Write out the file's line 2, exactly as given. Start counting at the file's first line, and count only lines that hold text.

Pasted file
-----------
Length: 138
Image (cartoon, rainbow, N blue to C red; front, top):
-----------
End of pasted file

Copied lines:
Image (cartoon, rainbow, N blue to C red; front, top):